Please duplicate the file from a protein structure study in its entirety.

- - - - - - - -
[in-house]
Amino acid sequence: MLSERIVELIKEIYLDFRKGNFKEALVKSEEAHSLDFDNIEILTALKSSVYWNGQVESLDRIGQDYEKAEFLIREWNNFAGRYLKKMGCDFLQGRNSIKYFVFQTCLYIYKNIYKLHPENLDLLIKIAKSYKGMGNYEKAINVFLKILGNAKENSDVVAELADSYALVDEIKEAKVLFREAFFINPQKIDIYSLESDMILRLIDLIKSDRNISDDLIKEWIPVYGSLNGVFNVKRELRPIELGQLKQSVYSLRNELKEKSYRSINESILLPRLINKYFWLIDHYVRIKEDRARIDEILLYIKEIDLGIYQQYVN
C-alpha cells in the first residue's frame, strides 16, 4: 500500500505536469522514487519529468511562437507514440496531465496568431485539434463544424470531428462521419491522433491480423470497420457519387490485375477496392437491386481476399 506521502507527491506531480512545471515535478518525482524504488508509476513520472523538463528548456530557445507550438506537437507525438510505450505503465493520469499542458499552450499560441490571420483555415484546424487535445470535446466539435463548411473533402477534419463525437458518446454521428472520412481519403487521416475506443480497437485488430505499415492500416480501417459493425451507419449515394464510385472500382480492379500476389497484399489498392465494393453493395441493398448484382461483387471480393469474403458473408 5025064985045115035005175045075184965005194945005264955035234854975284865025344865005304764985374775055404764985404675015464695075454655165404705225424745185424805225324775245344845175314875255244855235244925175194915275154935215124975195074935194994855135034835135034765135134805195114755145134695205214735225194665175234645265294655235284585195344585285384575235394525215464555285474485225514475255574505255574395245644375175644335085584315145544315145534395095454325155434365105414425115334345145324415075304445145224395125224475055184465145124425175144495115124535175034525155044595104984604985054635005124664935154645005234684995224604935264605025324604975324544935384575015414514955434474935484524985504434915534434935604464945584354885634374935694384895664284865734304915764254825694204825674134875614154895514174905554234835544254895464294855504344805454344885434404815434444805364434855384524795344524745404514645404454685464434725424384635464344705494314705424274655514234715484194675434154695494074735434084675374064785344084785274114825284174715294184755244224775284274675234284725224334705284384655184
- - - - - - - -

[in-house]
Amino acid sequence: MLSERIVELIKEIYLDFRKGNFKEALVKSEEAHSLDFDNIEILTALKSSVYWNGQVESLDRIGQDYEKAEFLIREWNNFAGRYLKKMGCDFLQGRNSIKYFVFQTCLYIYKNIYKLHPENLDLLIKIAKSYKGMGNYEKAINVFLKILGNAKENSDVVAELADSYALVDEIKEAKVLFREAFFINPQKIDIYSLESDMILRLIDLIKSDRNISDDLIKEWIPVYGSLNGVFNVKRELRPIELGQLKQSVYSLRNELKEKSYRSINESILLPRLINKYFWLIDHYVRIKEDRARIDEILLYIKEIDLGIYQQYVN
C-alpha cells in the first residue's frame, strides 16, 4: 500500500505536469522514487519529468511562437507514440496531465496568431485539434463544424470531428462521419491522433491480423470497420457519387490485375477496392437491386481476399 506521502507527491506531480512545471515535478518525482524504488508509476513520472523538463528548456530557445507550438506537437507525438510505450505503465493520469499542458499552450499560441490571420483555415484546424487535445470535446466539435463548411473533402477534419463525437458518446454521428472520412481519403487521416475506443480497437485488430505499415492500416480501417459493425451507419449515394464510385472500382480492379500476389497484399489498392465494393453493395441493398448484382461483387471480393469474403458473408 5025064985045115035005175045075184965005194945005264955035234854975284865025344865005304764985374775055404764985404675015464695075454655165404705225424745185424805225324775245344845175314875255244855235244925175194915275154935215124975195074935194994855135034835135034765135134805195114755145134695205214735225194665175234645265294655235284585195344585285384575235394525215464555285474485225514475255574505255574395245644375175644335085584315145544315145534395095454325155434365105414425115334345145324415075304445145224395125224475055184465145124425175144495115124535175034525155044595104984604985054635005124664935154645005234684995224604935264605025324604975324544935384575015414514955434474935484524985504434915534434935604464945584354885634374935694384895664284865734304915764254825694204825674134875614154895514174905554234835544254895464294855504344805454344885434404815434444805364434855384524795344524745404514645404454685464434725424384635464344705494314705424274655514234715484194675434154695494074735434084675374064785344084785274114825284174715294184755244224775284274675234284725224334705284384655184